Amidst depressing climatic conditions an important step in the stage of waterworks extension for the borough was taken, on Thursday, by the cutting of the first sod of the Butterley Reservoir in the Wessenden Valley. It had been arranged that the members of the Council, accompanied by a number of invited guests and the chief borough officials should visit Blackmoorfoot and, after viewing the existing works, proceed to the Wessenden Valley and there see the initial ceremony of what promises to prove a most important extension of the water works belonging to the town. Given fine weather the carrying out of this programme bade fair to prove a relaxation from the ordinary labours of the Council, and the day was looked forward to by all concerned as one when they would have a chance of better appreciating the waterworks' scheme of the Council than by hearing or reading accounts of the work. Unfortunately the day turned out very wet, and interfered seriously with the enjoyment of those who attended the ceremony. Not withstanding the rain, which was falling steadily as the hour of noon approached, there was a good muster at the borough offices, and the large party proceeded in closed conveyances to Blackmoorfoot, where a sandwich luncheon was partaken of. The wet and mist prevented much sight-seeing during the drive, but the grounds of Blackmoorfoot were found in good condition, and, despite the rain, most of the visitors had a short look round. Leaving here the route was taken to the Wessenden Valley, rain falling continuously. This spoiled the view the visitors would otherwise have had, of the capacity of this valley for the new reservoir. Two streams, swollen by rains, were rushing down to the Colne, making it evident to all that the site of the reservoir is well chosen, and one promising an abundant supply of water. Considering the extent of Butterley Reservoir, the work to be done is not great. When completed it will have an area of 41½ acres, and will contain 400,000,000 gallons of water. The positions of the banks were marked with small white flags, and the excellent natural position of the reservoir was thus conspicuously shown. The length of bank will be 220 yards ; width at base, 236 yards ; height of top water above ordinance datum, 770 feet ; height of bank, 775 feet. The bank is nearly due east and west across the valley, and the reservoir, which is fed from the Wessenden moors down natural streams, is intended to supply the low-lying levels of the town and district. This will make the eighth reservoir on the system, and another, to be called the Blakeley Reservoir, is eventually to be constructed at its tail. There are also 10 service reservoirs. The Butterley Reservoir will be the second largest in the possession of the Corporation, Blackmoorfoot coming first with 700,000,000. The rest are considerably smaller. Deerhill contains 160,000,000, Wessenden old reservoir 107,000,000, Wessenden Head 82,000,000, Long Wood upper reservoir 50,000,000, Longwood compensation reservoir 40,000,000, and Longwood old reservoir 23,000,000. The excavation of the puddle trench is in hand on the north side of the Wessenden Brook, and the widening of Wessenden Road is completed, together with drains, culverts, pitching, and cattle approach connected with the same. A temporary wooden bridge has been erected over Wessenden Brook at Lower Bank Bottom Mill. Workmen's dwellings are well advanced and will shortly be ready for occupation, and the stone-work of the new stabling is rapidly progressing. The ceremony took place about what will be the centre of the reservoir. Here a small piece of turf had been roped off. Notwithstanding the downpour Mrs. Crosland and Mrs. J.B. Crosland, together with three young sons of Alderman Crosland, were present, and apparently took great interest in the proceedings. It may be here stated that the presentation spade is of solid silver, with an ebony handle, and bears the following inscription :— "Huddersfield Corporation Waterworks. Presented by the Corporation of Huddersfield to Mr. Alderman James Crosland on Thursday, the 27th day of August, 1891, on the occasion of his cutting the first sod of the Butterley Reservoir." Underneath this are the borough arms, and on the left side of the arms appears "Godfrey Sykes, Mayor. Henry Barber, Town Clerk." On the right side is engraved, "Alderman Wright Mellor, chairman of the Waterworks Committee." The spade was supplied by Mr. W. Lockwood, jeweller, Victoria Lane. Everything being in readiness it was decided to proceed, and cut the ceremonial short, as the rain continued to descend in full force, making it extremely uncomfortable for all.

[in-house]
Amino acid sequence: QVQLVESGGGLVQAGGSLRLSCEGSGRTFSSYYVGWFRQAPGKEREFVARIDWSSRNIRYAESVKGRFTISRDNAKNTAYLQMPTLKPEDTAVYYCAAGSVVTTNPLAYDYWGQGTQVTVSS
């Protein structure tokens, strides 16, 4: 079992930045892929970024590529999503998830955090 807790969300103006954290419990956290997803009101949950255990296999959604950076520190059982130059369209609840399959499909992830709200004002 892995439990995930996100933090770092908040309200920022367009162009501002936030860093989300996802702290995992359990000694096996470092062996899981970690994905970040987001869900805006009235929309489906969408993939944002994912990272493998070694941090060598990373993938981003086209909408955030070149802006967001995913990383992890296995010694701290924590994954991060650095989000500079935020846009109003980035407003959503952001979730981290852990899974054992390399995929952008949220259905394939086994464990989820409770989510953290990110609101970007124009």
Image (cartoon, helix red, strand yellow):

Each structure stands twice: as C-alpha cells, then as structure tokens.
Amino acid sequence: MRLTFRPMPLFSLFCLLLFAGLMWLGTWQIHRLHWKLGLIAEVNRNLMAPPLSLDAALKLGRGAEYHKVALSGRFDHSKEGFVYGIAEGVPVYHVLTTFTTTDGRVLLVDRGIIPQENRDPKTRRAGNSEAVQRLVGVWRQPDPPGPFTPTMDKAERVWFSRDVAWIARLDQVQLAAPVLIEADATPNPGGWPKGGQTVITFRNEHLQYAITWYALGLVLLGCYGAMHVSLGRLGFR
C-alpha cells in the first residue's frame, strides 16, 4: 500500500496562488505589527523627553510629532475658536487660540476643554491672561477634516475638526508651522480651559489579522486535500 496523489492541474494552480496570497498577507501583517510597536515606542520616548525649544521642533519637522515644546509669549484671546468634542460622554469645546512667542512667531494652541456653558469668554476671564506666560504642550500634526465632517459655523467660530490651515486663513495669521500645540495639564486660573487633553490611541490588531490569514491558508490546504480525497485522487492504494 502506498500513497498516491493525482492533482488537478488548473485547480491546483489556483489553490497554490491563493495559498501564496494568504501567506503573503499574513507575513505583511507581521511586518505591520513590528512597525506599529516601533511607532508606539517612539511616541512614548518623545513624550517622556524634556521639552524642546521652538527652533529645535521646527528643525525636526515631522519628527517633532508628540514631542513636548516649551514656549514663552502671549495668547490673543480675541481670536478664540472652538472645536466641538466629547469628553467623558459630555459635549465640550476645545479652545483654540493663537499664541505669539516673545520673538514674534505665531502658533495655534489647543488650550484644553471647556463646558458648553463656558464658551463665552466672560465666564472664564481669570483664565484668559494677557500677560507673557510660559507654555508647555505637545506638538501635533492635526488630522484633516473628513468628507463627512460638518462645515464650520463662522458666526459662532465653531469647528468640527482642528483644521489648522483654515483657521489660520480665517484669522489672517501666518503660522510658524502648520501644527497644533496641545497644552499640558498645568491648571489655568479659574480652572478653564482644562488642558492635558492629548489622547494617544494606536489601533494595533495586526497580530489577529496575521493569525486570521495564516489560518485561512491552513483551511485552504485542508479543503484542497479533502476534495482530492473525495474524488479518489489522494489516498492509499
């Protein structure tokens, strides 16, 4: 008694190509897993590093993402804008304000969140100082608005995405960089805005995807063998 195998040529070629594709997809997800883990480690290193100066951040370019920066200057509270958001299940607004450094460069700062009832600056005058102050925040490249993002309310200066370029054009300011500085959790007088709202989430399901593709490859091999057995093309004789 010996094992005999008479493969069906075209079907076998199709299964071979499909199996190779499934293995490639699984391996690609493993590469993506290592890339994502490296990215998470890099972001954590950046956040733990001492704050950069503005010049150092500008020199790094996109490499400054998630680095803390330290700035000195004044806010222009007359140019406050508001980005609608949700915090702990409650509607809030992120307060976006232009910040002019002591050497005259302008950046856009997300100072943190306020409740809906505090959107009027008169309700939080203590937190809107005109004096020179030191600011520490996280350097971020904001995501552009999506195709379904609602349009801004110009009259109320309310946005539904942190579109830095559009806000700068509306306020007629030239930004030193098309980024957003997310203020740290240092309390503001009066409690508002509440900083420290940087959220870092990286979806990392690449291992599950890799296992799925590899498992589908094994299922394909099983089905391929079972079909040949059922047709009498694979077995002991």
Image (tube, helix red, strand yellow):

The Mayor :— Ladies and gentlemen, we are met to-day to witness the performance of a very interesting ceremony ; and although it consists in the simple process of digging a sod, it is nevertheless intended to celebrate the commencement of active operations in a large undertaking by the Huddersfield Corporation of constructing the Butterley Reservoir and intercepting the streams of water that flow down this lovely and picturesque valley, and thereby utilising that water which is collected and stored for the use and benefit of the inhabitants of Huddersfield and the surrounding districts. (Hear, hear.) No more important, no more imperative, duty could devolve upon a municipal body than that of providing for the inhabitants a plentiful supply of pure and wholesome water. (Hear, hear.) Because that is an essential requisite for the health and well-being of the people, and it is in pursuance of the duties thus imposed upon us that we have obtained, at considerable cost and labour, an Act of Parliament by which this great watershed has been secured and placed at our disposal. (Hear, hear.) The obtaining of that Act of Parliament was, both to myself and to my colleagues, a time of extreme anxiety and labour. Very few people are aware of the difficulties that have to be surmounted in successfully carrying a bill of this description through the Houses of Parliament. (Hear, hear.) But I may say this, gentlemen, that whatever difficulties we have had, whatever labour has had to be performed in this case, we are amply repaid by the immense benefits that have been secured to us. (Hear, hear.) The feeling that we are absolutely safe for generations to come of a plentiful supply of water is enough to reward us for all the labour and the cost that have been incurred. (Hear, hear.) Gentlemen, we are all of us, I am sure, extremely sorry that we are on this occasion deprived of the presence and the assistance of our worthy chairman of the Waterworks Committee, Alderman Wright Mellor. (Hear, hear.) No man, during a long and active public life, has laboured more incessantly and more zealously to secure a water supply for Huddersfield than Alderman Mellor. No man had he been here would have taken a livelier interest in these proceedings. But if we have not got the chairman of the committee we have the vice-chairman — (hear, hear) — who by his exertions and by his long acquaintance with the business of this department has proved himself worthy of that distinguished position which I am about to ask him to occupy to-day. I now ask Alderman Crosland to step forward and perform the ceremony of cutting the first sod in the construction of this reservoir. And in order, sir, to enable you to do that work well and manfully — (hear, hear) — and somewhat in accordance with the great importance of the occasion, I have, on behalf of the Huddersfield Corporation, sir, the honour of presenting you with this spade, which I hope you will treasure as a memento of the events of this day. I now ask you, sir, to perform the ceremony. (Applause.)